Karachi, India

OK Friday Sunday, April 5 5, 1929 Friday, April 5, 1929

Some time about 1AM this morning Mort and I walked up Bunder Street about two miles, returning near three. Frank had put his blanket on the floor and was asleep when we left. Returning, we discovered Frank dividing his time between fighting mosquitoes and bed-bugs and scratching. It all ended about 2:30 or 3AM when Frank and Mort piled on the latter’s bed because so far none had been found there, and I, distrustful and over-experienced in this predicament, snored away on a couple of chairs. The best thing about it all is the manner in which the proprietor treated the thing—”oh yes, you won’t get any sleep on the beds. It is better to sleep on the floor. Perhaps you would like to stay in an English hotel uptown? When we clean them out here, they always come back in three or four days.” That is not hard to understand, for not only this hotel and the native quarter are infested with these bugs, but most all of Karachi—and India according to reports.

After a shower, Mort and I went uptown to hunt a new place to stay. Frank was left behind to pack. We tried all sorts of hotels, native and otherwise, from a bare room for 20R a month for all of us ($7.40) to a large room, bath, and balcony, etc. in the best hotel at 80R a week with food for the three of us. Every one had bugs except this latter, and it may have had some too. Finally decided to come back to the first place and clean it out in true American fashion. Took the beds apart and burnt the joints, etc., getting an army of bugs. Then thoroughly swept it, took the blankets out for good, and brushed off the strips for the mattresses. I know the proprietor and his help thought us fools for bothering about these little bugs. It is against the Mohammedan religion and also the Hindu, I believe, to kill bugs, for bugs are the departed souls of ancestors.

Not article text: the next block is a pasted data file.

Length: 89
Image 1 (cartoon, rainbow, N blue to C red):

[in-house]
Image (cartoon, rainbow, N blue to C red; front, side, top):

Mort and I went to market for some food in the evening and wandered down into the souk on the way back. The souk is the native quarters, the bazaars, etc. Those of Cairo are n.g. compared to those of Karachi. Streets widen and narrow, run criss-cross and at all angles, with absolutely no irregularity, making it very easy to get lost. Most of the buildings are two stories in height and not so old. The streets in the bazaars are lined with tiny shops containing all imaginable types of wares. The owners sit squatting on a small raised platform or else the floor, where they can see all that goes on in the street. No doors nor front walls to these shops. All open to the street. Here is a grain seller, perhaps two dozen large straw baskets in front of him full of all sorts of rice, wheat, barley, corn, oats, etc. In the back of his shop barrels and larger baskets contain more grain. There is a sweet shop. Large tin pans cover a display table sloping toward the street. There is a candy looking like crisp spaghetti, gelatins with nuts on the top, a white taffy-like sweet, things that look like tarts, a yellow corn-mealy-looking substance, and a dozen other kinds. If at day, the flies are thick around it. There are some men threshing wheat on a large cloth in the street. Shoe shops, tobacco shops, bakery shops, tin-ware stores, all busy making their wares. Herds of cattle roam at will through the streets. Some of the main streets and squares of the souk are choked with cattle so you can pass only by picking your way through them. In fact, they wander loose all over town, in the main streets or no, chewing rubbish or paper from the gutters. Mort claims they enjoy cardboard especially. At any rate, they look well-fed and plump.